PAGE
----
One aspect of China that fascinates the heck out of me is social etiquette among friends. For the longest time I thought meeting friends was as easy as setting a date, showing up and in many cases bringing along some of your other peeps. The more, the merrier, right? Well, this very “suibian” (随便) Western way of approaching the matter can cause difficulties very easily when transplanted to China.
During Chinese New Year, we were thinking of fun things to do such as going to watch a movie or KTV or even laser tag. Since it can get boring just the two of us, I suggested inviting friends to go together. I started naming all the people I could think of, imagining a big, fun reunion. What about Xiao L, and You Ge; we can also invite Gu and how about Yang and his girlfriend.
Mr Li looked at me with growing worry. “You do realise that we then have to pay for all of them, right?” Damn it, rookie mistake. While among the younger generation of “post-90s” Chinese it has become quite common to go “AA”, or go Dutch, when hanging out – especially when they are still broke students – traditional Chinese social etiquette dictates that one person pays for everyone on one occasion, then person B pays for everything on the next occasion etc. and so forth. However, if you end up inviting 10 people to hang out, you will be footing quite the bill. When I responded with a desperate “But whyyyy?”, my MIL explained the logic behind the “you organise, you pay” principle. As the initiator of an event, i.e. the person who says to others, “Hey, let’s go to KTV”, you are putting yourself in the spotlight; you are so to speak, the centre of attention, which is why you should pay. There’s none of that we are all equal nonsense here – if you gather friends around you, you better be willing to lay down those yuans.
The next way in which my grand plan for a massive meet-up failed in the Chinese context, is that it is unacceptable among traditionally minded Chinese to invite people from two different friend circles. Say, Ming is your friend from elementary school and Hua is your friend from uni. Under no circumstance could you simply arrange a “hang out” with both of them because they are from different parts of your lives. It simply isn’t done. There are of course ways in which the two people could be introduced to each other; but then the meeting needs to be specifically for the purpose of this introduction and you better have a darn good reason to do so – we ain’t just foolin’ around here, folks.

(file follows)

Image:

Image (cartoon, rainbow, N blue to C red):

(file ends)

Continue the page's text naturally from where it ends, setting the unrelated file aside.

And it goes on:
That being said, there are two ways in which these social codes, that can seem very rigid to some of us (i.e. mostly me), are being transformed. For one, the aforementioned post-90’s seem a lot more relaxed about following all these rules, but where there is an even bigger transformation is the moment Chinese students go abroad. I was never aware of all these rules surrounding social interaction in China until I set foot in the country, despite having gone out with Mr. Li for over two years, because in the UK the idea that different friend groups couldn’t cross paths unless there is a formal event to introduce them simply didn’t exist. Out of necessity Chinese students would band together and end up going to events with large groups where they would meet other friends of friends and so on.
However, back in Hohhot, a third-tier city with a traditional mindset if ever there was one, things aren’t just as simple as that. Better limit the number of friends at our KTV event then, ey?